Soutik Biswas, BBC News, December 10, 2014
Rizwan Kadri runs an architecture firm with three partners, all Hindus, in India’s western city of Ahmedabad in Gujarat state.
Son of a revenue official, he grew up in mixed neighbourhoods. In 2002, massive anti-Muslim riots sparked by the burning of a train carrying Hindu pilgrims, left more than 1,000 people dead in Gujarat.
A few months before the riots, Mr Kadri moved out with his wife and son from a mixed neighbourhood where he had lived for 24 years to a Muslim apartment building in Juhapura, one of India’s largest Muslim ghettos, on the outskirts of Ahmedabad.
A year later, his ageing parents joined them. “The move was prompted by concerns over safety more than anything else,” says Mr Kadri.
Ahmedabad, the main city of Gujarat, which was ruled by the new PM Narendra Modi for more than a decade, is among the many Indian cities where segregated housing is alive and well.
A range of old reasons like caste and cultural differences–and some relatively new ones such as migration and religious tensions–have led to a proliferation of what urban sociologist Loic Wacquant, referring to ghettos in French and American cities, has described as “neighbourhoods of exile”.
Juhapura, an obscure village-turned-ghetto of some 400,000 Muslims, is one such neighbourhood of exile.
The heart of this dystopian sprawl is clogged with narrow lanes, tumbledown tenements, overflowing sewers and rubbish mountains. Public transport stays away from the neighbourhood. The wider streets are lined by a rash of new high-rise gated Muslim properties costing up to 6 million rupees (£62,000). A forthcoming gated 14-storey property with some 800 apartments promises a mall, club, separate gyms for men and women, prayer rooms and mosque.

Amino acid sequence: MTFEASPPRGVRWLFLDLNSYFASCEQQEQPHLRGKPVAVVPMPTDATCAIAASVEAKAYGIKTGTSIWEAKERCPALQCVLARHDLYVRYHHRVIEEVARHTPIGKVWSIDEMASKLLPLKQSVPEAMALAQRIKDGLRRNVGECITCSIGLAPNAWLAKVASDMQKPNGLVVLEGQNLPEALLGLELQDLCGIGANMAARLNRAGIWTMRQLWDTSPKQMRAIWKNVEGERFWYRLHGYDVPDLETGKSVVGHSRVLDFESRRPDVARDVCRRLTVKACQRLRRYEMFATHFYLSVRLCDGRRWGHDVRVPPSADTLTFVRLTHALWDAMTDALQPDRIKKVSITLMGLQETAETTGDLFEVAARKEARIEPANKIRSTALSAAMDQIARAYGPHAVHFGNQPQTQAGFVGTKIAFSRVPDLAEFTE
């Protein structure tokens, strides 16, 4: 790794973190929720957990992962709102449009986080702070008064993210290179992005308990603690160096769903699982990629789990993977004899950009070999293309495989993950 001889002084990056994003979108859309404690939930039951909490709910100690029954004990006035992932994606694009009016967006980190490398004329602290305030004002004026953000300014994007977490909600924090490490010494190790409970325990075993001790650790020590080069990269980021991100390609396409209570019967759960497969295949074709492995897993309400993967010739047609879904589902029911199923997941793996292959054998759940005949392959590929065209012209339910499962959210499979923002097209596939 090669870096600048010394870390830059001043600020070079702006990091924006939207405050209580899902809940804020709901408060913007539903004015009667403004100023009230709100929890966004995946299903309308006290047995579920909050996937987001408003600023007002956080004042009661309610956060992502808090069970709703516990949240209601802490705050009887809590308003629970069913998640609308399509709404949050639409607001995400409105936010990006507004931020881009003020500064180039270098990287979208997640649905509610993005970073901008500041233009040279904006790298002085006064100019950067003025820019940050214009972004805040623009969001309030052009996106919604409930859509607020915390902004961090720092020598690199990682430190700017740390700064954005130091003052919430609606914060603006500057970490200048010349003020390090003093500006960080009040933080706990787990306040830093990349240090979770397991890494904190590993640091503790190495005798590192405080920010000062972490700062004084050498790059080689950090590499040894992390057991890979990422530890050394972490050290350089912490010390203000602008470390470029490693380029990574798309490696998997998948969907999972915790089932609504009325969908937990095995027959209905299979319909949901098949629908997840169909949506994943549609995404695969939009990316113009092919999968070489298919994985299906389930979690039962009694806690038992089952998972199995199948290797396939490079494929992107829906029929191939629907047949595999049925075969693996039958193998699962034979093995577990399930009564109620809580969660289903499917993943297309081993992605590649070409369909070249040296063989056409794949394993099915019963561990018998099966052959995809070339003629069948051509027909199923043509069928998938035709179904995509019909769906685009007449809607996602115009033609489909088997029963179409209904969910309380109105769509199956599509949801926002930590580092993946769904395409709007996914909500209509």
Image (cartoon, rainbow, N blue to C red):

Ghettos are also a great leveller: the stench of rubbish wafts from the grubby low-slung tenements to Mr Kadri’s apartment just a mile away, the air is polluted, and the streets are bumpy and pockmarked.
Segregation has inevitably led to curious business opportunities. Sensing that mixed neighbourhoods were fast disappearing and even well-to-do-Muslims were finding it a problem to buy property, Ahmedabad-based entrepreneur Mohammed Ali Husain began a property fair connecting Muslim builders with buyers.
More than 40,000 potential buyers have turned up for the two fairs he’s held so far, checking out and buying housing offered by 25 Muslim builders.
“Earlier communities lived in segregated neighbourhoods for cultural reasons,” say Mr Husain. “Now the reason is the fear of the other.”
In a deeply divided and hierarchical society like India, segregated living–and housing–has existed for centuries.
Mumbai has community-based “vegetarian only” housing societies. Delhi and Calcutta have Muslim ghettos, crowded, run-down and neglected. A planned apartment coming up in Delhi promises “dream homes for elite Muslim brotherhood”.
Ahmedabad has been always divided on caste, community and religious lines. But, as analysts say, the ghettoisation was relative in the sense that Muslim-dominated areas co-existed with Hindu-dominated ones.